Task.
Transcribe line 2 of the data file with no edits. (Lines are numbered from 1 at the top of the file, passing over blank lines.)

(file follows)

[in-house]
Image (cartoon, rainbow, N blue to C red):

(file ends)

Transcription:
Image (cartoon, rainbow, N blue to C red):